Successor parishes are civil parishes with a parish council created by the Local Government Act 1972 in England. They replaced, with the same boundaries, a selected group of urban districts and municipal boroughs that were abolished in 1974. Most successor parish councils exercised the right to call themselves towns. A total of 300 successor parishes were formed from the former area of 78 municipal boroughs and 221 urban districts. Civil parishes are not permitted to cross district or county boundaries and where the creation of a successor parish would cause this to happen, only part of the former area became a parish or two parishes were formed.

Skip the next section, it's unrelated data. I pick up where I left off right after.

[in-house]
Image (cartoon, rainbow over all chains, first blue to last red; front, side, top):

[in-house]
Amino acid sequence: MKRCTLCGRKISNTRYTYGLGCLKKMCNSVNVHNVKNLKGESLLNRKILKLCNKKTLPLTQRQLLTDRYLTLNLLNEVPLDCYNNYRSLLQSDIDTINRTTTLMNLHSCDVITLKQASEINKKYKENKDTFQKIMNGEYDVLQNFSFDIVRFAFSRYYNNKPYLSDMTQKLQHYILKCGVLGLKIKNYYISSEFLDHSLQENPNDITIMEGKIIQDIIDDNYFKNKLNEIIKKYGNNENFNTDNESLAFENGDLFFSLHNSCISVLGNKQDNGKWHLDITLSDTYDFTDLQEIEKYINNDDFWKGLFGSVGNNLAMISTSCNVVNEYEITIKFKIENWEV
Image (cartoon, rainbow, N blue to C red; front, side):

Until 1974 civil parishes governed by parish councils only existed within rural districts. They were created by the Local Government Act 1894 and were not permitted in urban areas. Their number had been in decline as more areas became urbanised and were incorporated into urban districts or boroughs.
Part V of Schedule 1 of the Local Government Act 1972 directed the Local Government Boundary for England to consult with the existing local authorities and make proposals for the establishment of new parishes with a boundary coterminous with an existing urban district or borough, or if divided by a district boundary as much as was comprised in a single district. The Commission was also to propose names for the parishes. The concept of successor parishes was a relatively late addition to the Local Government Bill,... Read More